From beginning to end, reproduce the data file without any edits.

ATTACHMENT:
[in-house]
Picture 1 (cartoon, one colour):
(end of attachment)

[in-house]
Picture 1 (cartoon, one colour):